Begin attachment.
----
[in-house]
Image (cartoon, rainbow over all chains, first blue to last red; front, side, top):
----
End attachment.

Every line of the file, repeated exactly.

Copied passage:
[in-house]
Image (cartoon, rainbow over all chains, first blue to last red; front, side, top):